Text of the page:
Karl Llewellyn – Legal Realists – The Common Law Tradition
Like the other two legal realists that we have been looking at (Oliver Wendell Holmes and Jerome Frank), Llewellyn focused on actual disputes in identifying what the law is.
Actual disputes call for something to be done about them so that there may be peace. It is the task of the law to do something about disputes. The persons who perform this function are officials of the law such as judges, clerks, jailors or lawyers. So, “law” is what the officials of law do about disputes.
In his famous book The Common Law Tradition Llewellyn sets out to show that there is no need to think that judges are completely unpredictable and decide cases on a whim (or on what they had for breakfast). His book aims to show that there is actually quite a lot of predictability in the decisions of the courts. He focused on the decisions of the US appellate courts.
He examines what he calls “a cluster of factors” which have a major steadying influence in producing stability in the work of judges. This cluster of factors includes:
- Law-conditioned officials
- Known doctrinal techniques
- The limiting of issues
- The adversarial arguments of counsel
- The role that the judge is supposed to play in the judicial system
- The general ‘period style’ employed by the courts
As to the last one, the ‘period style’, Llewellyn wrote that in the common law (UK, US and similar), the practice of the courts has fluctuated (swung back and forth) between two styles: the Grand Style and the Formal Style.
The Grand Style is based on an appeal to reason and common sense. There is no strict following of precedent. Policy is used by judges to achieve a sensible result.
The Formal Style, on the other hand, means that the rules of law decide the cases; policy is for the legislature, not the courts and therefore this approach is authoritarian, formal and logical.
The Grand Style was, according to Llewellyn, more popular at the time he was writing, which he said gave the impression of unpredictability. But he says that is not correct. This misconception is caused by a lack of understanding about the ways in which courts use precedent and the tremendous leeways which are created by the system of precedent.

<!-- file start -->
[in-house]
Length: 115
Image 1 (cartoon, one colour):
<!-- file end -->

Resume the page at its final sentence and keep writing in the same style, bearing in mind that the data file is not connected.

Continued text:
Something interesting in his writing is his mention of something called “situation sense” which he says that judges in the Grand Style use when making decisions. What did he mean by that? Perhaps he meant that “insight and wisdom is developed whereby the judges will achieve a kind of reasonable criterion…and arrive at a wide measure of agreement as to what are the appropriate legal solutions which are worthy of approval by the community” – Lloyd’s Jurisprudence at 994.
I think Llewellyn was saying that judges, by virtue of their position, achieve a certain amount of uniformity in their behavior and thinking. See this extract from his book:
The place to begin is with the fact that the men of our appellate bench are human beings … And one of the more obvious and obstinate facts about human beings is that they operate in and respond to traditions … Tradition grips them, shapes them, limits them, guides them … To a man of sociology or psychology … this needs no argument. (1960, p. 53)
I think he is saying that the very position of judge narrows the types of people that can take up the position. Then when they practice as judges, they come to accept certain values and ways of thinking which are to some extent uniformly accepted. He emphasisedthe role of judges. He and others (like Cohen) said that judges are a special breed of human being.
The bottom line, however, seems to be that his theory is all about common sense, that there is no single right answer to a case, but that there is quite a high degree of predictability and uniformity in the decisions of the appellate courts due to a number of factors, including the judicial office. He said that judges will usually
Conclusion about legal realism, in general:
This is an extract from Companion to Philosophy of Law and Legal Theory p249:
“What judges really do, according to the realists, is decide cases according to how the facts of the cases strike them, and not because legal rules require particular results; judges are largely “fact-responsive” rather than “rule-responsive” in reaching decisions.
How a judge responds to the facts of a particular case is determined by various psychological and sociological factors, both conscious and unconscious. The final decision, then, is the product not so much of “law” (which generally permits more than one outcome to be justified) but of these various psychosocial factors, ranging from the political ideology to the institutional role to the personality of the judge. Thus, the legacy of realism in both the practice and teaching of law consists of phenomena like these: lawyers now recognize that judges are influenced by more than legal rules; judges and lawyers openly consider the policy or political implications of legal rules and decisions; law texts now routinely consider the economic, political, and historical context of judicial decisions. In this sense, it is often said that “we are all realists now.”
This summarises what we have been learning about the legal realist movement. It changed the way that lawyers and judges see the law and the judicial process to such an extent that it now part of the accepted, mainstream way of understanding the law. It ultimately won and legal formalism lost, if you like, because the ideas of the legal realists are widely accepted.
- Lloyd’s Introduction to Jurisprdence 8th ed pp988-996
- Jurisprdudence Legal Philosophy in a Nutshell
- Companion to Philosophy of Law and Legal Theory, 2nd ed, Dennis Paterson (ed), Chapter 15
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